Bill Shanks

Can Julio Terehan be the ace the Atlanta Braves need?

The term "baseball ace" is thrown around a lot these days. We might have a distorted view of it from watching several aces in Atlanta 20 years ago, but being a No. 1 pitcher in a rotation does not necessarily mean a pitcher is an ace.

An ace is special. Yes, Greg Maddux, Tom Glavine and John Smoltz were all special. That's why they are in Cooperstown. They were all No. 1 pitchers, and the Braves can only dream of having three No. 1s in the same rotation again one day.

Tim Hudson was a very good pitcher, and in some seasons, he was Atlanta's No. 1 starter. Was he an ace? Well, he was pretty darn close.

How many aces are there in baseball today? Certainly you can't say 30, since again, just being a team's top starter doesn't mean a pitcher is an ace. There's a difference. You might be able to pick out 20 pitchers who would define an ace - a dominant pitcher who is a top starter, a leader and who can be counted on in a pressure situation.

But being an ace includes intangibles. In a way, there's no clear definition. You really know an ace when you see one.

Julio Teheran started his fourth season in Atlanta's rotation Monday against the Washington Nationals. He is now Atlanta's top starter for the second year in a row. But will Teheran ever be the ace many predicted he would be as he was coming up in the minor leagues several years ago?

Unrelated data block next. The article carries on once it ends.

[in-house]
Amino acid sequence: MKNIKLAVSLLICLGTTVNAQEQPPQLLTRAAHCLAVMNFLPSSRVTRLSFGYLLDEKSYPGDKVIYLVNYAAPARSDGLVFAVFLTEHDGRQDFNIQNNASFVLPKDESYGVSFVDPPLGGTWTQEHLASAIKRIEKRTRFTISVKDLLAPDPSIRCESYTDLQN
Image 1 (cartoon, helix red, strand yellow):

Teheran won 14 games in 2013 and 2014. His combined ERA in those two seasons was 3.03, and he averaged 202 innings in those two seasons. Those were really good numbers. But then last season, Teheran slipped to an 11-8 record and a 4.04 ERA on a bad team.

Teheran was horrible in the first half of the season, with a 4.56 ERA. A great month of September (a 1.62 ERA in six starts) saved his season numbers. Teheran still pitched more than 200 innings (200-2/3 to be exact), and he gave up fewer hits (189) than innings pitched, so there were some bright spots.

The Braves need Teheran to become an ace. He's by far the best pitcher in the rotation. It's a group made up of young pitchers, even younger than Teheran at 25 years old. And, it's likely to get younger as the Braves continue to bring up the great pitching prospects they've assembled.

Teheran continued his good work from late last season in spring training, as he had a 2.01 ERA in five starts. Then Monday in the season opener, ­Teheran pitched six strong innings and gave up just two runs on five hits. It was another great sign that Teheran is back to his 2013 and 2014 form.

This team might struggle, as it showed Monday. But it would certainly help the big picture of what the Braves are trying to do if Teheran realizes his full potential. They need someone to become the leader of the staff, and it's not impossible for a 25-year-old with three seasons under his belt to take that role. The young pitchers need to see how a top prospect, like Teheran was, became a top major league pitcher.

So while we're expecting to watch the development of young pitchers this season, let's also watch Teheran's development, as well. If he becomes an ace, the Braves will benefit tremendously from having a pitcher not every team is fortunate to have on a staff.

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